About this work
Johannes Ockeghem composed a unique obituary ballade, Mort tu as navre, on the death of the elder Burgundian musician Binchois, incorporating Latin text excerpted from the requiem mass into a laudatory French chanson. And when Ockeghem, the "tresorier...et chief d'ouvre" of music himself, died in 1497, Josquin Desprez paid tribute to him in like manner, with Nymphes des bois.
The French text adapts a poem of deploration by Jehan Molinet, in which nymphs and goddesses are called to join the "skilled singers of all nations" in mourning for the loss of such a musician. Josquin, Brumel, Pierchon Pierre de la Rue, and Compère are called by name to weep great tears; Josquin's uniquely powerful music certainly gives justice to the sad occasion.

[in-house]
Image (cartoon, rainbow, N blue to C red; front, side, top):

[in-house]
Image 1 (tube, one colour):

The very musical style of the piece betrays little of the musical character usually associated with Josquin. Moments of imitation and voice-painting (such as the repeating notes calling for "trenchant cries" and the dramatic shift toward flat notes for the text "treasurer of music," a reference perhaps both to Ockeghem's musical mastery and his official position of Treasurer of St. Martin in Tours), while present, are few and brief. Unrelenting long-note textures pervade all five voice parts, with few conclusive cadences to soften the momentum. In fact, such relentless drive, and the indistinct, overlapping, and dramatically low vocal registers, pay homage to the style of the earlier master (known for his bass voice, and for his low textured compositions). Also archaic is the long-note tenor cantus firmus, which he here quotes from the requiem mass. Ockeghem had adopted a similar device in his Binchois lament, but here Josquin transposes the borrowed chant melody into the most mournful Phrygian mode. All five voices finally rest on the refrain, the requiem prayer "Requiescat in pace. Amen."